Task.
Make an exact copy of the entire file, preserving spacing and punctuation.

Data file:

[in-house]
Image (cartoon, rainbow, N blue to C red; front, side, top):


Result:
[in-house]
Image (cartoon, rainbow, N blue to C red; front, side, top):